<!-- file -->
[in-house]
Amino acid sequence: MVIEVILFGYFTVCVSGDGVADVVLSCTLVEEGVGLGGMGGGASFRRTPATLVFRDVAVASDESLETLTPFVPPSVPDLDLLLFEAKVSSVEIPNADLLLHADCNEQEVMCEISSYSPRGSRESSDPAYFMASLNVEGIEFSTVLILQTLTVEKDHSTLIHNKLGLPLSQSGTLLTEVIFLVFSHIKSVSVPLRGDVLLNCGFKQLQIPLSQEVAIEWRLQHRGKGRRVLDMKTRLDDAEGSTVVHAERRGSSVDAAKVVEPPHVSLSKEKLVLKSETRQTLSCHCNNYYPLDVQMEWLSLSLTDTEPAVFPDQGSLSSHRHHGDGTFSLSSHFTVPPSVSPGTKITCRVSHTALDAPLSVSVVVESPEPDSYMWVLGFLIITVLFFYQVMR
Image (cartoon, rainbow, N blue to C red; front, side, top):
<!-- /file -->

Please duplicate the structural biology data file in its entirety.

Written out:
[in-house]
Amino acid sequence: MVIEVILFGYFTVCVSGDGVADVVLSCTLVEEGVGLGGMGGGASFRRTPATLVFRDVAVASDESLETLTPFVPPSVPDLDLLLFEAKVSSVEIPNADLLLHADCNEQEVMCEISSYSPRGSRESSDPAYFMASLNVEGIEFSTVLILQTLTVEKDHSTLIHNKLGLPLSQSGTLLTEVIFLVFSHIKSVSVPLRGDVLLNCGFKQLQIPLSQEVAIEWRLQHRGKGRRVLDMKTRLDDAEGSTVVHAERRGSSVDAAKVVEPPHVSLSKEKLVLKSETRQTLSCHCNNYYPLDVQMEWLSLSLTDTEPAVFPDQGSLSSHRHHGDGTFSLSSHFTVPPSVSPGTKITCRVSHTALDAPLSVSVVVESPEPDSYMWVLGFLIITVLFFYQVMR
Image (cartoon, rainbow, N blue to C red; front, side, top):